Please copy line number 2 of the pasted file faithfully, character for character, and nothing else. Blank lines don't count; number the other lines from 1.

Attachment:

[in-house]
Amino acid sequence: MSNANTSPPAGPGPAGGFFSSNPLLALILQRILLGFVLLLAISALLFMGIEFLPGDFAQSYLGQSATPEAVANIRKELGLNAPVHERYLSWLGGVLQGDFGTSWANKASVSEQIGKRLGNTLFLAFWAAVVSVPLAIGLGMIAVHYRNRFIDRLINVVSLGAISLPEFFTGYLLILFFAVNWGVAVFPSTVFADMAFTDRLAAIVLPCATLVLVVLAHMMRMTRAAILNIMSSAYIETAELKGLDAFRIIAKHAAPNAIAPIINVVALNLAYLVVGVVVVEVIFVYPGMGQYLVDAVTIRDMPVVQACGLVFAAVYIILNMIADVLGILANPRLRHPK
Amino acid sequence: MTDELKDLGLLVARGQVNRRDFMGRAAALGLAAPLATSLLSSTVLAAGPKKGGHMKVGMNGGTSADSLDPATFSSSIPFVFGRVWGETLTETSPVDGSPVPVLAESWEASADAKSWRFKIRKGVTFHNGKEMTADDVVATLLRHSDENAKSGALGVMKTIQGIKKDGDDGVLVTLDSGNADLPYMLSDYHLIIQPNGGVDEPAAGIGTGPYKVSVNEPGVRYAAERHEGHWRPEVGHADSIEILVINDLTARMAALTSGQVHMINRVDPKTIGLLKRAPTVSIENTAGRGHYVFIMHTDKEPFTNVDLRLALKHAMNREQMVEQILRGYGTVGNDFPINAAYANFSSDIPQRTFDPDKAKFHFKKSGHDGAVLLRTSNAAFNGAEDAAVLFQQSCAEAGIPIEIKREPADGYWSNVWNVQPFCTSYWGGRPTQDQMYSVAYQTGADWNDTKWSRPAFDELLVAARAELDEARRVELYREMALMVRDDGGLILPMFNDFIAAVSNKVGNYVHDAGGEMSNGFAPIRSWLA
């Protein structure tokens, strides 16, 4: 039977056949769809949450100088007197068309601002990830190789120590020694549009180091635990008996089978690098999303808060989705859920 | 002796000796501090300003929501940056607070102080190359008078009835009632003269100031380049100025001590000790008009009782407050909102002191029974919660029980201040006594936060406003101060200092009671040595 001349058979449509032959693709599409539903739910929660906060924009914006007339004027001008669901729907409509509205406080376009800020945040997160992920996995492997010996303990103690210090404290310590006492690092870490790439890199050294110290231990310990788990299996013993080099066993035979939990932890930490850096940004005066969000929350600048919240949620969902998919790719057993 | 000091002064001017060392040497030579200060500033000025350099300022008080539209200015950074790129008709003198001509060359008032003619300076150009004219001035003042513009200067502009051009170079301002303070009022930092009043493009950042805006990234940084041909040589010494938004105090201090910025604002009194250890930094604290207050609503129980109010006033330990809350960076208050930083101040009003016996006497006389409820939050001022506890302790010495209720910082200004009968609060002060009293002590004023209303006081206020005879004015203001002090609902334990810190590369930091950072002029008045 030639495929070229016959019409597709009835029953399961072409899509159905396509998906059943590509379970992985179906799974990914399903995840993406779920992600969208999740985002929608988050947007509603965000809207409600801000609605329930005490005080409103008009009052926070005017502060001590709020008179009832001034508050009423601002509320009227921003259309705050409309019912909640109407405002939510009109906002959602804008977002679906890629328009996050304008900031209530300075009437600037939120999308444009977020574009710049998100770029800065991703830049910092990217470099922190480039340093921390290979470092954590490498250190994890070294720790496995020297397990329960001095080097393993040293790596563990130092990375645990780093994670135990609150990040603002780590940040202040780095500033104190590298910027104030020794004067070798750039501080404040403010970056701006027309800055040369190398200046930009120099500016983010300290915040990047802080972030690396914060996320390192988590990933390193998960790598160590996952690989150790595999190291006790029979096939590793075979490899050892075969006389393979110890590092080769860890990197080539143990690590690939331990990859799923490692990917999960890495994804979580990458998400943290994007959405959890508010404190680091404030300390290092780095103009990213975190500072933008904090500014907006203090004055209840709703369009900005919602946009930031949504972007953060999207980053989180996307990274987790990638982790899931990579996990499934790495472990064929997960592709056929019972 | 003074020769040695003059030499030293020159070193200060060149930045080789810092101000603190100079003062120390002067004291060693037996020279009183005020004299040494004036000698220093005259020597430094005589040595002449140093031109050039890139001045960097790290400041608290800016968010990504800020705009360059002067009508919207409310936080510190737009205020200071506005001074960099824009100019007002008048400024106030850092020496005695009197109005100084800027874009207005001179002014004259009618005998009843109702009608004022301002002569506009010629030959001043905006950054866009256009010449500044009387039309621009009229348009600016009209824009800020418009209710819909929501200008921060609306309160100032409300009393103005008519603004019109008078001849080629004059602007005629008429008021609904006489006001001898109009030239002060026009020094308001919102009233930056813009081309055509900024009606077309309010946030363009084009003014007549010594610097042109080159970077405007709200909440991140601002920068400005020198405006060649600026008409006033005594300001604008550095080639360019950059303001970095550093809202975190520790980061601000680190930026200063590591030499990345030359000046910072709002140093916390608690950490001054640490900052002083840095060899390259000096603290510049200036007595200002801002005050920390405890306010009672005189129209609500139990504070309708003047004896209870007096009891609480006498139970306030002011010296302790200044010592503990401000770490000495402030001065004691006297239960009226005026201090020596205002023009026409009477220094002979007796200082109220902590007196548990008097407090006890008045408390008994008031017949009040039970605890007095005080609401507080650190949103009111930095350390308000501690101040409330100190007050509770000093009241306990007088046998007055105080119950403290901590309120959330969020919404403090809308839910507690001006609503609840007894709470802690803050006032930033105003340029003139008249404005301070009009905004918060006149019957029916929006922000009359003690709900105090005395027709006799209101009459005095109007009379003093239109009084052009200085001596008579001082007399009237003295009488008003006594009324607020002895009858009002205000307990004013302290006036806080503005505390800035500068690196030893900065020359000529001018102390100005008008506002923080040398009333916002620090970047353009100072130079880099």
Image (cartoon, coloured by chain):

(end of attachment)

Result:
Amino acid sequence: MSNANTSPPAGPGPAGGFFSSNPLLALILQRILLGFVLLLAISALLFMGIEFLPGDFAQSYLGQSATPEAVANIRKELGLNAPVHERYLSWLGGVLQGDFGTSWANKASVSEQIGKRLGNTLFLAFWAAVVSVPLAIGLGMIAVHYRNRFIDRLINVVSLGAISLPEFFTGYLLILFFAVNWGVAVFPSTVFADMAFTDRLAAIVLPCATLVLVVLAHMMRMTRAAILNIMSSAYIETAELKGLDAFRIIAKHAAPNAIAPIINVVALNLAYLVVGVVVVEVIFVYPGMGQYLVDAVTIRDMPVVQACGLVFAAVYIILNMIADVLGILANPRLRHPK